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LA officials approve pro-immigrant measures, further opposing Trump policies

FILE: Seven-year-old Maya Casillas, right, joins migrant rights groups outside the Los Angeles City Hall on Jan. 25, 2017 to protest against President Trump's crackdown on sanctuary cities. MARK RALSTON/AFP/Getty Images

Los Angeles City Council members Wednesday approved four proposals to help immigrants, further cementing the city's opposition to Trump administration immigration policies.

The council authorized the city attorney to join an existing California lawsuit that seeks to block President Trump's termination of the federal DACA program or file suit separately on behalf of the city. The Obama-era program Deferred Action for Childhood Arrivals lets close to 800,000 young unauthorized immigrants who came to the U.S. as children live and work in the country legally. Trump rescinded DACA in September.

“Here in the city of Los Angeles, we support our immigrant population," said Jose Huizar, one of 12 council members who unanimously backed the resolution. "We not only support them in providing funding for possible legal defense, but we also support them in every way we can.”

The council also backed a state bill that would bar California from doing business with contractors working on a border wall, which the president has pledged would be built at Mexico's expense.

Council members further voted to support any legislation that would extend protection for immigrants under what's known as Temporary Protected Status. TPS is granted to countries adversely affected by natural disasters or wars. The Trump administration has terminated TPS protection for hundreds of thousands of immigrants from countries that include El Salvador, Haiti, Nicaragua, and Sudan.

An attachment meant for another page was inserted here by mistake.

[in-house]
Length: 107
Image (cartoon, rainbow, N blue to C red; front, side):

A fourth measure will allow the city to explore a plan to provide a limited number of immigrants with what’s called “letters of representation.” According to officials, the city would partner with lawyers and legal nonprofits to provide about 500 immigrants with letters from attorneys to carry and show in case immigration agents stop them.

Councilman Gil Cedillo said the purpose of this program is to inform immigrants of their rights and help prevent costly deportation cases, if possible.

"This, I believe, is probably the most cost-effective program that we can do because it's pre-emptive," Cedillo said. "And we will hand either a letter, or an app, or a card to the immigrant community, and we will train them, we will do workshops, we will go out into the community."

As part of the same measure, city officials will explore whether to amend an existing contract with the California Community Foundation, which administers a public-private fund for deportation defense, to prioritize for legal help those immigrants with Temporary Protective Status who face deportation.

The Trump administation has targeted so-called sanctuary cities like Los Angeles, threatening to withhold federal grant money and ramping up immigration enforcement. In September, U.S. Immigration and Customs Enforcement agents arrested more than 100 people for immigration violations locally as part of an operation focused on cities that restrict the detention of certain individuals at the request of immigration agents.

“Sanctuary jurisdictions that do not honor detainers or allow us access to jails and prisons are shielding criminal aliens from immigration enforcement and creating a magnet for illegal immigration,” said ICE Acting Director Tom Homan in a statement at the time. “As a result, ICE is forced to dedicate more resources to conduct at-large arrests in these communities.”